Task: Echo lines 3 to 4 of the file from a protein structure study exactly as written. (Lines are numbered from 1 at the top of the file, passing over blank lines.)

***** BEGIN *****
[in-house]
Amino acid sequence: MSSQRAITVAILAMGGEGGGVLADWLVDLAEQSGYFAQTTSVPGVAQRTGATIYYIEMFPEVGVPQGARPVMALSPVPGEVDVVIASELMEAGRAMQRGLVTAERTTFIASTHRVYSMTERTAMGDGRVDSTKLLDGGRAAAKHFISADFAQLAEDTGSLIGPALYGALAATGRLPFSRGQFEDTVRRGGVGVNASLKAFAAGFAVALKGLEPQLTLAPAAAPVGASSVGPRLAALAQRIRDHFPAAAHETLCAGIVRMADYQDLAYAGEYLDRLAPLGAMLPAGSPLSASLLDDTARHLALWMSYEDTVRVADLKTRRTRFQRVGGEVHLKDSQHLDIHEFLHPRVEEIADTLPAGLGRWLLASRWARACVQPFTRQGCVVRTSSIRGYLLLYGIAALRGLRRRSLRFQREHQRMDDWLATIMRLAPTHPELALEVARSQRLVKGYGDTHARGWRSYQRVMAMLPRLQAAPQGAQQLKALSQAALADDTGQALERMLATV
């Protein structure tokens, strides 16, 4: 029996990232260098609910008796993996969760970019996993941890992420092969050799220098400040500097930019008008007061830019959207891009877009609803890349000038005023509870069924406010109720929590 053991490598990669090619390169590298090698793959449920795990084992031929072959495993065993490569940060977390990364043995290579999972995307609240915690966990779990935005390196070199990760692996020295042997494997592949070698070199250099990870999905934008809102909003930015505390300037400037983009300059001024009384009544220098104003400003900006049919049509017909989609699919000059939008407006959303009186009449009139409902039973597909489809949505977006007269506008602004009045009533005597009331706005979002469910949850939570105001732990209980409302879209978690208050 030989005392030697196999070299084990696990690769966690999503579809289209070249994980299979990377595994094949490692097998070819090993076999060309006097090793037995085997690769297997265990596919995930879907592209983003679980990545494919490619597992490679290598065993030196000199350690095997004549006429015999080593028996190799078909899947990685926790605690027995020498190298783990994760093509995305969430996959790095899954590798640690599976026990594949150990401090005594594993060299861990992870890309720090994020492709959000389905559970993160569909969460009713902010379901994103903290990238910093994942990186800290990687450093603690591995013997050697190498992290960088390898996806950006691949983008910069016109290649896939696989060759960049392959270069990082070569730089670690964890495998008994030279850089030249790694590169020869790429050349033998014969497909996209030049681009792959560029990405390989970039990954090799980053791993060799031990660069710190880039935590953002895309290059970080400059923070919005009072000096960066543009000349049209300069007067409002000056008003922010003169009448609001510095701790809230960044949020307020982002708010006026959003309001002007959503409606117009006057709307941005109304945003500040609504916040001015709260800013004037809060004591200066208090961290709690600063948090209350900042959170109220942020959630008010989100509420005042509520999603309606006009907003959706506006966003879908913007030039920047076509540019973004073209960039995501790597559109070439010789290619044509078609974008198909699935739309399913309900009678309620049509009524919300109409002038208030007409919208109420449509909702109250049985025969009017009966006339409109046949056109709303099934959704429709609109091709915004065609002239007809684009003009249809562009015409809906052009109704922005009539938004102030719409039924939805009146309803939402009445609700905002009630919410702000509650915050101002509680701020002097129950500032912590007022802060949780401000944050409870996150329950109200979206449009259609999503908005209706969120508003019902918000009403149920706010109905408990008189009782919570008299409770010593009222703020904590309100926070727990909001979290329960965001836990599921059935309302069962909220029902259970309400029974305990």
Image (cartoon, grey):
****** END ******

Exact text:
């Protein structure tokens, strides 16, 4: 029996990232260098609910008796993996969760970019996993941890992420092969050799220098400040500097930019008008007061830019959207891009877009609803890349000038005023509870069924406010109720929590 053991490598990669090619390169590298090698793959449920795990084992031929072959495993065993490569940060977390990364043995290579999972995307609240915690966990779990935005390196070199990760692996020295042997494997592949070698070199250099990870999905934008809102909003930015505390300037400037983009300059001024009384009544220098104003400003900006049919049509017909989609699919000059939008407006959303009186009449009139409902039973597909489809949505977006007269506008602004009045009533005597009331706005979002469910949850939570105001732990209980409302879209978690208050 030989005392030697196999070299084990696990690769966690999503579809289209070249994980299979990377595994094949490692097998070819090993076999060309006097090793037995085997690769297997265990596919995930879907592209983003679980990545494919490619597992490679290598065993030196000199350690095997004549006429015999080593028996190799078909899947990685926790605690027995020498190298783990994760093509995305969430996959790095899954590798640690599976026990594949150990401090005594594993060299861990992870890309720090994020492709959000389905559970993160569909969460009713902010379901994103903290990238910093994942990186800290990687450093603690591995013997050697190498992290960088390898996806950006691949983008910069016109290649896939696989060759960049392959270069990082070569730089670690964890495998008994030279850089030249790694590169020869790429050349033998014969497909996209030049681009792959560029990405390989970039990954090799980053791993060799031990660069710190880039935590953002895309290059970080400059923070919005009072000096960066543009000349049209300069007067409002000056008003922010003169009448609001510095701790809230960044949020307020982002708010006026959003309001002007959503409606117009006057709307941005109304945003500040609504916040001015709260800013004037809060004591200066208090961290709690600063948090209350900042959170109220942020959630008010989100509420005042509520999603309606006009907003959706506006966003879908913007030039920047076509540019973004073209960039995501790597559109070439010789290619044509078609974008198909699935739309399913309900009678309620049509009524919300109409002038208030007409919208109420449509909702109250049985025969009017009966006339409109046949056109709303099934959704429709609109091709915004065609002239007809684009003009249809562009015409809906052009109704922005009539938004102030719409039924939805009146309803939402009445609700905002009630919410702000509650915050101002509680701020002097129950500032912590007022802060949780401000944050409870996150329950109200979206449009259609999503908005209706969120508003019902918000009403149920706010109905408990008189009782919570008299409770010593009222703020904590309100926070727990909001979290329960965001836990599921059935309302069962909220029902259970309400029974305990």
Image (cartoon, grey):